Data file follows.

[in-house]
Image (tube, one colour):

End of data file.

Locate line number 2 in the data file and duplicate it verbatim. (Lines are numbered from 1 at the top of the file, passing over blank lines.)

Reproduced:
Image (tube, one colour):